Telstra’s $1 billion investment in nabbing market share and improving customer service has started to bear fruit but customer complaints to the Telecommunications Industry Ombudsman (TIO) remain high.
The company held its full year results announcement conference in Melbourne today.
Last year, the telco pledged the [[artnid:396678|$1 billion over 2010 and 2011 to grow market share in all product segments, ramp up customer service and to simplify the business. So far, $970 million have been spent on the initiative.
Telstra has since aggressively pursued new customers, bring out more competitive and easy to understand plans. This has seen it gain 1.66 million new mobile customers but has, however, resulted in a reduced net profit and average revenue per user.
Some of the telco’s customer service changes including the introduction of round-the-clock call centres, weekend field workers as well as a digital media business to engage customers on social networking sites.
“We are becoming easier to do business with and that is very imp in dealing with our customers,” Telstra CEO, David Thodey, said at the meeting. “The way we are constructing our offers gives good value to our customers we are still able to maintaining core financials.”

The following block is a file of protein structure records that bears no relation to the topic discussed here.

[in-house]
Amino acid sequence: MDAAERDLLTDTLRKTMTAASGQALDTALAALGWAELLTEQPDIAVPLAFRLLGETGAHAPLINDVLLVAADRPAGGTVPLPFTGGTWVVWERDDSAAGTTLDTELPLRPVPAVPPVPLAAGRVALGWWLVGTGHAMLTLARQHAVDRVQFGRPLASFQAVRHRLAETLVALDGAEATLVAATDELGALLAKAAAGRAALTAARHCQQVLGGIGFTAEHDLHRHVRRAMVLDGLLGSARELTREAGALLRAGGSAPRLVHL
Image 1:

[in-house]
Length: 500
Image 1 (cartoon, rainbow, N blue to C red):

Telstra had said its target improve customer satisfaction year-on-year by six per cent. It got half way there, achieving a three per cent increase in that area. Metrics are obtained through regular customer surveys by Telstra.
The telco also set an ambitious goal last year to reduce TIO complaints by 30 per cent year-on-year. It missed the mark by a long shot, improving on complaint numbers by just six per cent. This was the worst performing area on Telstra’s strategic priority scoreboard.
A total of 22,506 customer complaints were lodged to the TIO against Telstra in the first quarter of 2011, a 12.7 per cent increase from the previous quarter.
“While it is improving, we are not where we want to be,” Thodey said. “The number of complaints coming through is a little bit higher than we wanted so we want to manage that.
But he highlighted the positives in the annual results.
The telco’s financial figures were mostly within the guidance and the company has indeed hit a lot of the goals it had set itself, particularly in grabbing market share.
Churn rates, or customer deactivation rates, are at the lowest level for Telstra in some time.
Thodey has an optimistic outlook for Telstra’s customer service future.
“I have a different view: A complaint is good because I see that as an opportunity to fix and win the customers heart in some way,” he said. “However, we don’t want the same level of complaints.”
For Telstra’s full year financial results, click here.